If the report were adopted, the ball would shift to Kibaki. It would be up to him to negotiate with Parliament, rescind the appointment, or face the prospect of the anti-graft body being disbanded.
Kibaki could, on the other hand, ask Ringera to step aside to save him further embarrassment, and to protect the dignity of the presidency. Ringera could also choose to resign.
In effect the House, following the eagerly awaited ruling by the Speaker Kenneth Marende, inched closer to a threat by some of its members last week, that they could cripple KACC if Kibaki does not rescind his decision.
“I rule that notwithstanding any of the provisions of Standing Order 80(1) to 80 (4), I hereby allow debate on the report of the joint sittings of the departmental committees,” said Marende.
Marende was ruling on Justice Minister Mutula Kilonzos demand last week that he gives direction on what he said was Parliaments act of sub judice. The minister said debate should not proceed before cases seeking to block renewal of Ringeras contract were determined.
Backbenchers applauded Marende when he delivered a nine-page ruling that the sub judice rule could not stop Parliament from deliberating on Ringeras reappointment, as the matter had attracted great public interest.
Following the ruling a report that was prepared by two departmental committees that of Delegated Legislation headed by Nominated MP Amina Abdalla and Administration of Justice led by Mandera Central MP Abdikadir Mohammed will now be debated next week.
The Motion on the report, which recommended the nullification of the Gazette Notice by President Kibaki reappointing Ringera for another five years, which MPs had vowed to trash, was listed on the order paper. But it was preceded by other business.
It is likely it would appear next Tuesday for debate. If the House adopts the report then it would be a legislative milestone.Parliamentary sources told The Standard if the House, which is likely to, adopts the report members would await Presidents reaction. If he does not withdraw the Gazette Notice, MPs would take the next step wait for Appropriation Bill and slash KACC budget.
Marende said in the Commonwealth, the sub judice rule arose out of a desire by Parliament to prevent its debate from exerting influence on courts and thus prejudicing the positions of parties and witnesses.
He argued the sub judice rule was imposed voluntarily by Parliament on itself and is exercised, subject to the discretion of the Chair, with the object of forestalling prejudice of court proceedings.
“It is important to note that as relates to the National Assembly, the sub judice rule does not find expression in the Constitution or in any other law,” he added.
Marende pointed out that in the House of Commons the rule provides that matters awaiting the adjudication of a court should not be brought forward for debate in the House, but is subject to the discretion of the Chair and the right of the House to legislate or discuss any matter.
“As a result both Houses of the United Kingdom have adopted a qualification to the sub judice rule by which discussion is permitted on a matter relating to a ministerial decision, and issues of national importance,” he added.
The Speaker said the documents tabled by Mutula and claims made by Attorney General Amos Wako, lacked evidence a hearing date had been set for the case filed in court.
Marende further argued no evidence had been provided to the House to show the matter was sub judice; adding that even by the time he was issuing the communication no such evidence had been given.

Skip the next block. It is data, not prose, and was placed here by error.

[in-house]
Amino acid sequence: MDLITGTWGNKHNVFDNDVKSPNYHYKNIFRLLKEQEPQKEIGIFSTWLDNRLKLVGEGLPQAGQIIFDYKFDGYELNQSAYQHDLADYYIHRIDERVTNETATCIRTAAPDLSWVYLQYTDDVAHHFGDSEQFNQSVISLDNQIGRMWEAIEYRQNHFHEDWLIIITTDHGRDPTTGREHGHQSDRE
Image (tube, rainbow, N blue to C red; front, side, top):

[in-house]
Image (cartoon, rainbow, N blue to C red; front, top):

On the issue of prejudice, Marende said it would not inspire confidence at the judicial officers, who are well trained in their work, if they allowed the propagation of a view that the Judiciary was always looking over their shoulders at what Parliament was saying, before determining cases.
“It would probably itself be an affront on the principle of separation of powers if one arm of government were to take such a view of another arm,” he added.
He said in a properly functioning democracy with a sound and professional Judiciary, the burden of evidence required to show that there is a likelihood of prejudice to the fair determination of any matter by the courts should be set very high indeed, adding that this had not been proved.
The Speaker said work of Parliament as bestowed by the Constitution was that, it has powers to legislate, give oversight and representation while the Judiciary on the other neither legislates, represents, nor has oversight over other arms of government.
Marende said when the matter was raised by Chepalungu MP Isaac Ruto there was no known pending court case regarding the matter.
“I take the view that as a general proposition this House, in line with precedents from other similar jurisdictions, should not abandon a matter over which it is seized on the ground that the matter has become the subject of litigation in a court of law,” he added.
Quoting his predecessor Mr Francis ole Kaparo in a ruling on April 13, 1995 Marende said the effectiveness of Parliament would be undermined if members pre-empt debate on matters before the House by resorting to court.
He pointed out that were members to allow that to happen then it meant that any person who is apprehensive about any action likely to be taken by the House would then rush to court and thereby gag it from deliberating on the matter.
“This surely cannot have been the intention of the rule. The Chair will guard carefully against the abuse of the procedures of the House in that manner,” he ruled.
He noted that he was clear in his mind that in a matter of immense public interest where there is a doubt, unless sound grounds are advanced a presumption should exist in favour of allowing debate, as opposed to the application of sub judice rule to suppress discussion.
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